"Is it going to sell more clothes? Probably not," he said. "At the end of the day, it's probably more entertaining to watch the porn than to think, 'Wow, those clothes look good!' It almost takes attention away from what they're trying to get you to pay attention to. It's distracting, and some would say reeks of desperation."

Damon Crepin, the creative director of Paris-based Agence 7, the shop responsible for the spots, said the Internet allows people to decide for themselves whether they want to watch something. TV and print ads are harder to bypass.

"What is important is that this is not a 'push' campaign," Crepin said, referring to advertising that is imposed on the audience. "Every person seeing this is willing to see it. We would never have done this on TV, because on TV you push the message to people."

Many people have decided to take a look. More than 2 million visitors from 117 countries have come to the site in the last four months. "A lot of people accept it," said Shai founder Alexandre Maisetti. "They are surprised — but not shocked. "

But the company has yet to sell many shirts, pants, skirts or blazers.

"The first goal wasn't to sell directly, it was to develop notoriety," Maisetti said. "We will see next season if people like the brand. People are looking at us, but it takes time for people to come in and buy some stuff."

Yet despite the graphic acts on the screen, at least some viewers are indeed looking at the clothes. Among the comments posted on an online forum, one visitor observed: "There doesn't seem to be any info on the belt, otherwise well done."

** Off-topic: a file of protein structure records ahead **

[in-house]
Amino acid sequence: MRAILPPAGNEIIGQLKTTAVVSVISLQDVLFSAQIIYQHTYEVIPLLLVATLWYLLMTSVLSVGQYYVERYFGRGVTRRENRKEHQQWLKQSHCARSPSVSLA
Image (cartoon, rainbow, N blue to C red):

Although Shai's online campaign hasn't provoked a discernible backlash in France or on the Web, nudity in advertising remains hotly contested in the U.S. With Abercrombie & Fitch and American Apparel pushing limits with provocative ads, critics in the U.S. find the online move to hard core frustrating but not surprising.

"It has nothing to do with clothes," said Phil Burress, president of Cincinnati-based Citizens for Community Values, which bought full-page newspaper ads two years ago to protest nudity in an Abercrombie & Fitch catalog. "It's nothing new to use sex to sell product. But when you start talking about nudity and sexual activity, that is way beyond what is acceptable in our popular culture."

Shai's foray into triple-X has also caught the eye of those U.S. retailers that embrace the erotic in their brands. Alexandra Spunt, who oversees advertising for Los Angeles-based American Apparel, said she's intrigued by Shai's campaign, but it goes further than her brand would probably be willing to go.

"It wouldn't go over very well in the States," Spunt said. "I don't disagree with combining the mediums of porn and advertising and the Internet. I just like keeping a little bit of mystery. Often that's a little bit sexier."

 

Claire Hoffman and Chris Gaither, Los Angeles Times. August 13, 2006

Copyright © 2006 Los Angeles Times. All rights reserved.